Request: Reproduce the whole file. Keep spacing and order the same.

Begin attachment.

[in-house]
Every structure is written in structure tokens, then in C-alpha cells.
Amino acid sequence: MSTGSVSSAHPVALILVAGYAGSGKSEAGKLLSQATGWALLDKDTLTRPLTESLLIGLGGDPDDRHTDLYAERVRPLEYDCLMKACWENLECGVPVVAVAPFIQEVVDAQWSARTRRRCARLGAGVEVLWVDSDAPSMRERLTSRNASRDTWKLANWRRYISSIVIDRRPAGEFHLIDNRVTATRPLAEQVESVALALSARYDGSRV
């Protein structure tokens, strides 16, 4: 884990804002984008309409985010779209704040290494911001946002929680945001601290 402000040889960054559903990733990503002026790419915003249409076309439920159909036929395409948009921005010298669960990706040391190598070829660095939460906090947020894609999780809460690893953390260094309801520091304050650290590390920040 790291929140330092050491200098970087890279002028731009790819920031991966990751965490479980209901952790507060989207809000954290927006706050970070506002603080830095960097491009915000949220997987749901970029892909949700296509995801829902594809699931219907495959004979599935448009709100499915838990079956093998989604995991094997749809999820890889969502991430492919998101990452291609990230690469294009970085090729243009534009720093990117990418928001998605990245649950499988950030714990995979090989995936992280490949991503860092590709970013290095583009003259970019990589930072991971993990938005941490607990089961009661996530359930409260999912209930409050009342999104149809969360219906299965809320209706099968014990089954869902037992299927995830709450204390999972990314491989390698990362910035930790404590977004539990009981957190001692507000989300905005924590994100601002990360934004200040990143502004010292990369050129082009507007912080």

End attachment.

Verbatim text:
[in-house]
Every structure is written in structure tokens, then in C-alpha cells.
Amino acid sequence: MSTGSVSSAHPVALILVAGYAGSGKSEAGKLLSQATGWALLDKDTLTRPLTESLLIGLGGDPDDRHTDLYAERVRPLEYDCLMKACWENLECGVPVVAVAPFIQEVVDAQWSARTRRRCARLGAGVEVLWVDSDAPSMRERLTSRNASRDTWKLANWRRYISSIVIDRRPAGEFHLIDNRVTATRPLAEQVESVALALSARYDGSRV
């Protein structure tokens, strides 16, 4: 884990804002984008309409985010779209704040290494911001946002929680945001601290 402000040889960054559903990733990503002026790419915003249409076309439920159909036929395409948009921005010298669960990706040391190598070829660095939460906090947020894609999780809460690893953390260094309801520091304050650290590390920040 790291929140330092050491200098970087890279002028731009790819920031991966990751965490479980209901952790507060989207809000954290927006706050970070506002603080830095960097491009915000949220997987749901970029892909949700296509995801829902594809699931219907495959004979599935448009709100499915838990079956093998989604995991094997749809999820890889969502991430492919998101990452291609990230690469294009970085090729243009534009720093990117990418928001998605990245649950499988950030714990995979090989995936992280490949991503860092590709970013290095583009003259970019990589930072991971993990938005941490607990089961009661996530359930409260999912209930409050009342999104149809969360219906299965809320209706099968014990089954869902037992299927995830709450204390999972990314491989390698990362910035930790404590977004539990009981957190001692507000989300905005924590994100601002990360934004200040990143502004010292990369050129082009507007912080």